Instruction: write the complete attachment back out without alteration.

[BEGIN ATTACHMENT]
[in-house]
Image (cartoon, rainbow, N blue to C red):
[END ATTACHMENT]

[in-house]
Image (cartoon, rainbow, N blue to C red):